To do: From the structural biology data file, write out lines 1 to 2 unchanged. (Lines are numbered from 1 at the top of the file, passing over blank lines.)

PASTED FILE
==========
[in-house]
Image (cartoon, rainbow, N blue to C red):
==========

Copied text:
[in-house]
Image (cartoon, rainbow, N blue to C red):